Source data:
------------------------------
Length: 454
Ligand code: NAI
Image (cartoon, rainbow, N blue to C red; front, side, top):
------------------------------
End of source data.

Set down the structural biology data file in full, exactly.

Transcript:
Length: 454
Ligand code: NAI
Image (cartoon, rainbow, N blue to C red; front, side, top):